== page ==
Canadian Mark Matthews set in motion a progressive freeride bike park that’s now a surging dirt playground for riders on their way up.
In 2004, Matthews started a 5-year project of turning an empty lot into a legacy. He was just 14 years old. Since then, he’s become a professional mountain biker and set his sights on all types of out-of-the-box projects in the mountain bike world.
Matthews is among a core group of cyclists who dedicate their time to both riding and trail building. Thanks to their efforts, we all have more access to well-designed, skill-building parks and trails. Matthews masterminded British Columbia’s North Saanich Freeride Park, where he’s put in hundreds of hours in the last decade to maintain a community pump track.
Now an ambassador for Hydro Flask and its new mountain bike-specific Journey Series packs, Matthews is an inspiring example of how one person’s actions can impact an entire community of future riders.
It All Started With a Little Dirt
Matthews grew up in North Saanich, a suburb of Victoria, British Columbia. There wasn’t much to do, and riding bikes seemed as good as any activity outside. When Matthews hit high school, he decided he wanted to ride his bike more. And he wanted more challenging terrain that didn’t require a lift from his parents.
“That was back when BMX riding was popular, so I started riding dirt jumps in the local forest around the neighborhood,” he said. “There was a club at school, so I saved up and got a mountain bike. It was way more versatile on a mountain bike. It was an alternative to a car, and I fell in love with it.”
Then he started digging, putting some teen angst into action. “I was just trying to get more places to ride my bike,” he said. “So I’d dig stuff up in the woods, and people would get angry.”
Freeride Park for Friends
That’s when he knew he’d need to steer in a different direction. In 2004, Matthews started advocating alongside a local hotel owner, who had a kid who also liked to bike, for a place where freeriding wouldn’t cause a commotion.
The city gave in, donating a lot in North Saanich for a bike park. But that was it — no additional investment, no maintenance money.
“The town gave one square hectare of land but hasn’t given a dime since then,” he said. “The park has been 100 percent built off of volunteers.”
Matthews, his friends, and volunteers took over. He and his dad road-tripped to Vancouver to obtain a free fence for the park and spent a week straight building the park’s bones.
The North Saanich Freeride Park, located at 10180 Littlewood Road in North Saanich, British Columbia, has been “officially” open for a decade now. Today, the park has expanded from one jump line and a small pump track to two complete pump tracks and separate multi-line sections for beginner, intermediate, and advanced riders, plus a professional line.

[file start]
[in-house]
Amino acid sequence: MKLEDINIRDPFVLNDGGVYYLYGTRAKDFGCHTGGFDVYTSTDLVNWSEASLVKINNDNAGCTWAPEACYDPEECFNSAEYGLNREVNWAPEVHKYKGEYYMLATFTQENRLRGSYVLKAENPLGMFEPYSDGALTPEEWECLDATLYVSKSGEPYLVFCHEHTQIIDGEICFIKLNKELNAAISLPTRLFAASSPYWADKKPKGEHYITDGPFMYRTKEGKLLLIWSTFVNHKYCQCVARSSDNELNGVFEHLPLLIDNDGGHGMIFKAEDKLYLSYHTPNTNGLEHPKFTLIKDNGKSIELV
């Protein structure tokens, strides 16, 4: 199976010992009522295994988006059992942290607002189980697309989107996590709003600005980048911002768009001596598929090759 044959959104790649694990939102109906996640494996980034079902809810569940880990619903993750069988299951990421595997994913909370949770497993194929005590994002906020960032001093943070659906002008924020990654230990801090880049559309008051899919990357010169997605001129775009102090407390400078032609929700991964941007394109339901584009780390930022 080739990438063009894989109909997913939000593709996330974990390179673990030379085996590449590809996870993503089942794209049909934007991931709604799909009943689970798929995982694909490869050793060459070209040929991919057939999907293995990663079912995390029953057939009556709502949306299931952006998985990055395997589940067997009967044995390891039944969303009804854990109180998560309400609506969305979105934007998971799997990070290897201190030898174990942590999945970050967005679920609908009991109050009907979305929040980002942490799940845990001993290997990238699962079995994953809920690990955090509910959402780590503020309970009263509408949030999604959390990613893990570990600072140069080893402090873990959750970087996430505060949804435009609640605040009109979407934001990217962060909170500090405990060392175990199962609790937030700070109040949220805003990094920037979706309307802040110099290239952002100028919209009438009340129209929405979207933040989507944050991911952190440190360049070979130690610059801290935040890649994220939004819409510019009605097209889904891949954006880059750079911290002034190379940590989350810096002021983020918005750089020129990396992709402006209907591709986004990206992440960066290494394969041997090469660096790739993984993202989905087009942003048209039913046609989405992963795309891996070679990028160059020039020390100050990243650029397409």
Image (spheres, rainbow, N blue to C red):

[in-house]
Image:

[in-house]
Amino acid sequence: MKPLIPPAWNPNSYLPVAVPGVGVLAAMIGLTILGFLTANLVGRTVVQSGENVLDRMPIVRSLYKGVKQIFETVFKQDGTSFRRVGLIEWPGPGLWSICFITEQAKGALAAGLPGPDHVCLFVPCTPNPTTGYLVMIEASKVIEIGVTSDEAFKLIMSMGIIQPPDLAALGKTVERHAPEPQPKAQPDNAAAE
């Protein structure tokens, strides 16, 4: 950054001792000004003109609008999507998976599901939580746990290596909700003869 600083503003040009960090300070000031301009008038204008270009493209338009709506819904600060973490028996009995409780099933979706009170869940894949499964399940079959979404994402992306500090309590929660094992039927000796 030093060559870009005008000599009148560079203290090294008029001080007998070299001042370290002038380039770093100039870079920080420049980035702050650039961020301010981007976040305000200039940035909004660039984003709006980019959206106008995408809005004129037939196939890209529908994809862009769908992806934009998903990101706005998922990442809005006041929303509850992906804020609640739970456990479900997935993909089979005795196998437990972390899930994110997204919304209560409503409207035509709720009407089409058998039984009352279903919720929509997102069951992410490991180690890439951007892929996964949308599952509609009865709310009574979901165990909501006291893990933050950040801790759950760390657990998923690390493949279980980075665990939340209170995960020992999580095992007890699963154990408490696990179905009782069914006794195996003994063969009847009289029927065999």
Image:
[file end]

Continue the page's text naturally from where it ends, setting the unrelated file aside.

The progressive riding facility has something for every ability level: a pump track, rollers, gap jumps, berms, and banks. There’s handbuilt terrain designed for jumping, cornering, braking, and pretty much whatever skill an individual needs to work on.
“Today, there’s a new generation of kids out there, and it’s way beyond what I thought it was going to be,” Matthews said.
Local riders have coined it “a little piece of heaven.”
Going Bigger, Coming Back
Matthews has since moved farther north, where he builds unofficial trails and obstacles in forests marked for clear-cutting several years out. Logging companies own some 90 percent of forests in the area. But seeing diamonds in the dirt, he builds advanced twists, turns, and leaps. He transforms covert landscapes, even cut and burned woods, into personal mountain bike playgrounds.
Matthews also returns to North Saanich to watch the evolution of his freeriding legacy. Every summer, he spends 2 weeks riding and helping to maintain the park. Sometimes he teaches dirt clinics to youngsters. Other days, he shoots videos of friends in the park. The footage adds to his growing library of mountain bike content from Canada and around the globe.
Kids who grew up in the park with Matthews bring their toddlers. “It has such a wide variety of riding. The entire space is full. There’s something for the very beginner, like rollers for 3-year-olds, to pro riders who would have fun on big gap jumps,” Matthews said.
“And if you had no idea what you were doing, you could spend a year here and learn. There’s just such a mellow progression that anyone can show up here.”
While Matthews is still cutting his own way closer to the mountains, his heart will always be in that city lot in North Saanich. A little slice of heaven set in motion a life of advocacy for a sport that gets dirt in your sneaks — and under your skin.
Hydro Flask sponsored this article. See why Mark Matthews and other mountain bikers are talking about the new MTB Journey Series hydration pack.